13. 13. <ul><li>VALSALVA TEST </li></ul><ul><li>Ask pt to hold his breath and bear down as if he were moving his bowels </li></ul><ul><li>Then, ask whether he feels any increase in pain and describe the location </li></ul><ul><li>This test increase intratechal pressure </li></ul><ul><li>If a space occupying lesion, such as a herniated disc or a tumor present in cervical canal, pt may develop pain in cervical spine secondary to increase pressure </li></ul><ul><li>The pain also may radiate to the dermatome distribution of cervical spine pathology </li></ul>
  14. 14. <ul><li>SWALLOWING TEST </li></ul><ul><li>Difficulty or pain upon swallowing can sometimes caused by cervical spine pathology such as : </li></ul><ul><ul><li>Bony protuberance </li></ul></ul><ul><ul><li>Bony osteophytes </li></ul></ul><ul><ul><li>Soft tissue swelling due to hematomas, infection or tumor in ant portion of cervical spine </li></ul></ul>
  15. 15. <ul><li>ADSON TEST </li></ul><ul><li>Pull the arm downwards </li></ul><ul><li>Palpate the radial pulse </li></ul><ul><li>Turn the pt’s head to the same side while feeling the radial pulse </li></ul><ul><li>Fading of the radial pulse indicates positive thoracic outlet obstruction </li></ul>
  16. 16. <ul><li>Thoracic and lumbar spine </li></ul><ul><ul><li>Straight leg raising test </li></ul></ul><ul><ul><li>Sciatic stretch test </li></ul></ul><ul><ul><li>Femoral stretch test </li></ul></ul>
  17. 17. <ul><li>STRAIGHT LEG RAISING TEST </li></ul><ul><li>With the knee extended, passively flex the hip in order to lift the lower limb </li></ul><ul><li>The pt will feel pain over the back and radiating to lower limb. </li></ul><ul><li>Watch the distribution of pain indicating the involved nerve root </li></ul><ul><li>Normally accepted positive if the angle of elevation is <60 degrees </li></ul><ul><li>Cross sciatic tension indicate severe root irritation </li></ul>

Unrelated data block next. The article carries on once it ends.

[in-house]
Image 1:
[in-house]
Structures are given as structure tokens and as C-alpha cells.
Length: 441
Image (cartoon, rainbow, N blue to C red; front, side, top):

18. 18. <ul><li>SCIATIC STRETCH TEST </li></ul><ul><li>Following the SLR test, drop the limb for about 10 degrees to relieve tension on the irritated nerve root </li></ul><ul><li>Dorsiflex the ankle to reproduce the stretching effect on the nerve root </li></ul><ul><li>This will reproduce the sciatica pain </li></ul>
  19. 19. <ul><li>FEMORAL STRETCH TEST </li></ul><ul><li>look for lumbar root tension </li></ul><ul><li>ask the patient to lie prone </li></ul><ul><li>flex the knee </li></ul><ul><li>lift up the hip into extension </li></ul><ul><li>pain may be felt in front of the thigh and the back </li></ul><ul><li>Done to exclude higher disc prolapsed (rare) </li></ul>
  20. 20. NEUROLOGICAL EXAMINATION
  21. 21. <ul><li>UPPER LIMB </li></ul><ul><li>Tone </li></ul><ul><li>Power </li></ul>Nerve root Test C5 Elbow flexion C6 Wrist extension C7 Wrist flexion C8 Finger flexion T1 Finger abduction
  22. 22. <ul><li>Reflexes </li></ul><ul><ul><li>Biceps (C5-6) </li></ul></ul><ul><ul><li>Brachioradialis </li></ul></ul><ul><ul><li>Triceps (C7-8) </li></ul></ul><ul><li>Sensation </li></ul>Upper limb C5 - lateral forearm C6 - lateral forearm - thumb and index finger C7 - middle finger C8 - ring and little fingers - medial forearm T1 - medial elbow - distal half of the medial arm T2 - proximal half of medial arm
  23. 23. <ul><li>LOWER LIMBS </li></ul><ul><li>Tone </li></ul><ul><li>Power </li></ul>L1,2 Hip flexion L3,4 Knee extension L4 Dorsiflexion L5 Great toe extension S1,2 Plantarflexion
  24. 24. <ul><li>Reflexes </li></ul><ul><ul><li>Knee jerk (L3-4) </li></ul></ul><ul><ul><li>Ankle jerk (S1-2) </li></ul></ul><ul><ul><li>Babinski’s reflex </li></ul></ul><ul><ul><li>Clonus </li></ul></ul><ul><li>Sensation </li></ul><ul><li>Lower limb </li></ul><ul><li>L1 – groin </li></ul><ul><li>L2 – anterior thigh </li></ul><ul><li>L3 – anterior knee </li></ul><ul><li>L4 – medial aspect of leg </li></ul><ul><li>L5 – lateral aspect of leg </li></ul><ul><li>- dorsal aspect of foot </li></ul><ul><li>S1 – lateral aspect of foot </li></ul><ul><li>S2 – posterior aspect leg and thigh </li></ul><ul><li>S3,S4,S5 – perianal region </li></ul>